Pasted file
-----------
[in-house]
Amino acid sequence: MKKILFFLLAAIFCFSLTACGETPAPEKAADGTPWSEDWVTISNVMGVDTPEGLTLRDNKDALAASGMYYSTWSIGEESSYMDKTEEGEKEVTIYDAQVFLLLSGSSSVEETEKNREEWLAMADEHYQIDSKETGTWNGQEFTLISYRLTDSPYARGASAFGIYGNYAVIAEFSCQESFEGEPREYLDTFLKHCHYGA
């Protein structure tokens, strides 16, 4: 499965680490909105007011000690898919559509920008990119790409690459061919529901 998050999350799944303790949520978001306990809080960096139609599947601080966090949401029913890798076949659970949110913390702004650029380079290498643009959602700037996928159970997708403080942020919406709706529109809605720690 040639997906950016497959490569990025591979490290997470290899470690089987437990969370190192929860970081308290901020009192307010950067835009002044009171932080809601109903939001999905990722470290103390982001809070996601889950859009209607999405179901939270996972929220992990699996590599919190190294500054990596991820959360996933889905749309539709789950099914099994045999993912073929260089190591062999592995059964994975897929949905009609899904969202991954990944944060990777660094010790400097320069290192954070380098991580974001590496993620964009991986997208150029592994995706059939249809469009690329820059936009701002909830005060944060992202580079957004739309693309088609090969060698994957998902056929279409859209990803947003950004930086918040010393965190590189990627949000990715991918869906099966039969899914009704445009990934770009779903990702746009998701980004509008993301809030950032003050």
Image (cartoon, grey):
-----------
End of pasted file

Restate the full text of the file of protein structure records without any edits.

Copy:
[in-house]
Amino acid sequence: MKKILFFLLAAIFCFSLTACGETPAPEKAADGTPWSEDWVTISNVMGVDTPEGLTLRDNKDALAASGMYYSTWSIGEESSYMDKTEEGEKEVTIYDAQVFLLLSGSSSVEETEKNREEWLAMADEHYQIDSKETGTWNGQEFTLISYRLTDSPYARGASAFGIYGNYAVIAEFSCQESFEGEPREYLDTFLKHCHYGA
């Protein structure tokens, strides 16, 4: 499965680490909105007011000690898919559509920008990119790409690459061919529901 998050999350799944303790949520978001306990809080960096139609599947601080966090949401029913890798076949659970949110913390702004650029380079290498643009959602700037996928159970997708403080942020919406709706529109809605720690 040639997906950016497959490569990025591979490290997470290899470690089987437990969370190192929860970081308290901020009192307010950067835009002044009171932080809601109903939001999905990722470290103390982001809070996601889950859009209607999405179901939270996972929220992990699996590599919190190294500054990596991820959360996933889905749309539709789950099914099994045999993912073929260089190591062999592995059964994975897929949905009609899904969202991954990944944060990777660094010790400097320069290192954070380098991580974001590496993620964009991986997208150029592994995706059939249809469009690329820059936009701002909830005060944060992202580079957004739309693309088609090969060698994957998902056929279409859209990803947003950004930086918040010393965190590189990627949000990715991918869906099966039969899914009704445009990934770009779903990702746009998701980004509008993301809030950032003050």
Image (cartoon, grey):